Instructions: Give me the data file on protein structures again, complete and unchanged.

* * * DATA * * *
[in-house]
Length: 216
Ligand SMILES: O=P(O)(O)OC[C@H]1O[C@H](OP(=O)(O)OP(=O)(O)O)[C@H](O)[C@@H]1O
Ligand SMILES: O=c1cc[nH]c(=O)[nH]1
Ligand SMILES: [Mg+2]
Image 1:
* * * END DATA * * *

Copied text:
[in-house]
Length: 216
Ligand SMILES: O=P(O)(O)OC[C@H]1O[C@H](OP(=O)(O)OP(=O)(O)O)[C@H](O)[C@@H]1O
Ligand SMILES: O=c1cc[nH]c(=O)[nH]1
Ligand SMILES: [Mg+2]
Image 1: